Click here for a video of this tradition as it is alive today

Photo courtesy of Martin Kleibl.

Aindrias Hirt is currently pursuing a Ph.D. in Music and Irish & Scottish Studies at the University of Otago, Dunedin, New Zealand through a full international scholarship. His topic is investigating heroic narrative song (the origin of recitative) still found in marginalized cultures in Europe, particularly the songs of Fionn Mac Cumhaill. He is analyzing song recordings made from the 1950s which have survived in a living tradition; they date from the Late Middle Ages.

[i] Some of the many researchers include Cecil Sharp, (Sharp, Cecil J. 1932 English Folk Songs from the Southern Appalachians, Maud Karpeles, 2 vols., London: Oxford University Press), Kennedy-Fraser (Kennedy-Fraser, Marjory 1909 Songs of the Hebrides, 3 vols., London: Boosey and Co.), Gilchrist (Gilchrist, Annie G. 1911 Note on the Modal System of Gaelic Tunes, Journal of the Folk-Song Society 4, no. 16, 150-53), William H. Grattan Flood (Grattan-Flood, William H. 1905 A History of Irish Music, Book, Dublin: Browne and Nolan Limited), Donald MacDonald (MacDonald, Donald c.1900 Irish Music and Irish Scales, London: Breitkopf and Härtel), Bertrand H. Bronson (Bronson, Bertrand H. 1946 Folksong and the Modes, The Musical Quarterly 32, no. 1, 37-49), Francis Collinson (Collinson, Francis 1966 The Traditional and National Music of Scotland, London: Routledge and Kegan Paul), James Culwick, Bradley and Breathnach, Ó Boyle, Finlay Dauney, E. Cecil Curwen, etc. As popular as the ecclesiastical modes may be for researchers, there is doubt as to their suitability when applied to folk music. For example, Cazden (Cazden, Norman 1971 A Simplified Mode Classification for Traditional Anglo-American Song Tunes, Yearbook of the International Folk Music Council 3, 45-78: 47) states, “[F]amiliar mode classifications and categories are historically a travesty and systematically both inept and unproductive.” The consensus seems to be (Bronson, Bertrand H. 1972 Are the Modes Outmoded?, Yearbook of the International Folk Music Council 4, 23-31) to use the ecclesiastical system until a better system is found. This paper’s theory seems to have fulfilled this and Cazden’s requirements.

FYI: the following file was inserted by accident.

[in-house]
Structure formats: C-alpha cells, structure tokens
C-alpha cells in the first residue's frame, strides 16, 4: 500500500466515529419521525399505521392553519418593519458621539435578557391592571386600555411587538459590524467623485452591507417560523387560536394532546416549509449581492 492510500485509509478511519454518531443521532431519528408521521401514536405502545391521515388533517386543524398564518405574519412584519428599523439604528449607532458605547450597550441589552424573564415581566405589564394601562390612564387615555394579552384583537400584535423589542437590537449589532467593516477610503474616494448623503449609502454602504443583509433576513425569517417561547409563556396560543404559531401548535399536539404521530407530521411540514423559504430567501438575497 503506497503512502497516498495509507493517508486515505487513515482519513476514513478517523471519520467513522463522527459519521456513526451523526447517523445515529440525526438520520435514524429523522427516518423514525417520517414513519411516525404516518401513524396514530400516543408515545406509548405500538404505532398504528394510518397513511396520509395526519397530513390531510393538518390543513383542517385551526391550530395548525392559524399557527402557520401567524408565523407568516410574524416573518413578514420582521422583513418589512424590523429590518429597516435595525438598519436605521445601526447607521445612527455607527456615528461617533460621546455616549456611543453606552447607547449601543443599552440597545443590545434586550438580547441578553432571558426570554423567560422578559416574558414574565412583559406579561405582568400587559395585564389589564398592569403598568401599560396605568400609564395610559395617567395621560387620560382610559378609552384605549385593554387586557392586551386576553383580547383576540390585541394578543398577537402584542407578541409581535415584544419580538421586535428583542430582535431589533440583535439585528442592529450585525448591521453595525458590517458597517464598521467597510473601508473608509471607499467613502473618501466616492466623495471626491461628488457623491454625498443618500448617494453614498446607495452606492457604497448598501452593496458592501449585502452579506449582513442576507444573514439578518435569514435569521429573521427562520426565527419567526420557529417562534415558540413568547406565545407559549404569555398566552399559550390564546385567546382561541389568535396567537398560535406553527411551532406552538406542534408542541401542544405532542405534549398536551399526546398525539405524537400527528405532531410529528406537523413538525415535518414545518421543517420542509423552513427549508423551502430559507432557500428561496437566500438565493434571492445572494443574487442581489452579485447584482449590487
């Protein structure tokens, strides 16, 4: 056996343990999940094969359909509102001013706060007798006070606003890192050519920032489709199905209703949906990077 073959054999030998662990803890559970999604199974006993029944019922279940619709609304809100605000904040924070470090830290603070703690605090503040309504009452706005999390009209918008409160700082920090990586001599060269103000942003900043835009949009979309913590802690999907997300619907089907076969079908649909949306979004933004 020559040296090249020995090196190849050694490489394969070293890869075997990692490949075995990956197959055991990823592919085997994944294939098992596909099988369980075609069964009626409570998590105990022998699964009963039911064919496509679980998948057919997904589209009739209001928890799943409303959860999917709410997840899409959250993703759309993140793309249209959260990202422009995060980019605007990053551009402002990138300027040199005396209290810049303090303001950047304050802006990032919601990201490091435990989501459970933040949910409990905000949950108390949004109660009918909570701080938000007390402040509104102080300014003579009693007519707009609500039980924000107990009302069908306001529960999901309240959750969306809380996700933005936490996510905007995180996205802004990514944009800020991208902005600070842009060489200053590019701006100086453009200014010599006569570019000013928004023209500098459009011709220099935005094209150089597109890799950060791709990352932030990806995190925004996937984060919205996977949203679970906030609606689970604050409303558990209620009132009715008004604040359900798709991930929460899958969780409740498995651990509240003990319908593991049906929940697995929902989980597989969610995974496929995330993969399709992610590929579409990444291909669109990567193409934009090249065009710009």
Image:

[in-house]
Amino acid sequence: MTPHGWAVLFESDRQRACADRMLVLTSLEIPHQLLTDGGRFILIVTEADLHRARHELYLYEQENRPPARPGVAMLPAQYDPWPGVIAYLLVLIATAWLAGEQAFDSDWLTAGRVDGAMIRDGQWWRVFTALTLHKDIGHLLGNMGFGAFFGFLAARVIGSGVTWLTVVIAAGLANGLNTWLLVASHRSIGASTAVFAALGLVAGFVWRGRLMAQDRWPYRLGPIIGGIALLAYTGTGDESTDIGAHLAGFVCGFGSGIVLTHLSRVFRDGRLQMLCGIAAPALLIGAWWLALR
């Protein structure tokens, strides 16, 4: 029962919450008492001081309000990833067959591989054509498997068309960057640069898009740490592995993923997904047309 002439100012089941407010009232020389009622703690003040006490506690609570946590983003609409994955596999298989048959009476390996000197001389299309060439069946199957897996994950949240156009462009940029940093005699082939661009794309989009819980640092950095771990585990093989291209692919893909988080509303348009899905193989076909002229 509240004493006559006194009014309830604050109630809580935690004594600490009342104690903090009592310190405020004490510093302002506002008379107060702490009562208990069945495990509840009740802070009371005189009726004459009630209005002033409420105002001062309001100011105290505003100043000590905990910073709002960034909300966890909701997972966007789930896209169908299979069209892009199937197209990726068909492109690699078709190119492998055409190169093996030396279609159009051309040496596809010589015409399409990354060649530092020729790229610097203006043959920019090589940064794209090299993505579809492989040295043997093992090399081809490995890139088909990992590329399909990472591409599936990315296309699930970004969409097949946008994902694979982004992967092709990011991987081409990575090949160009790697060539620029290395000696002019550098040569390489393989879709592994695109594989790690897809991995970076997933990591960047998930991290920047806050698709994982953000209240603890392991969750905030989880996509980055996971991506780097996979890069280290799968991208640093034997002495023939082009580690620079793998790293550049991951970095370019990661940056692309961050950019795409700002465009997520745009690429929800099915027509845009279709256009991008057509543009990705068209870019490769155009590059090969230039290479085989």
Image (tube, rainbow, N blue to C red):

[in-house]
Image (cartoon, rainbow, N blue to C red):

[ii] I am now thoroughly convinced that music is a pitch-structuring of speech, just as poetry is a structuring of rhythm in order to elevate the importance of what is being said by raising the register, or “style” as Labov termed it. You do not need to reduce the rhythm of speech to simplistic multiples (2/4, 3/4, 4/4, etc.) in order to call it music. It is useful to reduce the metre to simplistic multiples when there is accompaniment of more than two instruments or else risk a cacophony of pitch attacks on unison notes. If there is no accompaniment, there is no need for such a reduction. As a singer, I was taught that I needed accompaniment; now I find it annoying and disruptive.

[iii] The rise of instrumental music accompanied the rise of instrument production with the growth of cities and the middle class. Before the 16th century, instruments were, by today’s standards, extremely rare.